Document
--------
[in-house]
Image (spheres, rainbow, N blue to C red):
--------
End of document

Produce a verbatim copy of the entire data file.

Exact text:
[in-house]
Image (spheres, rainbow, N blue to C red):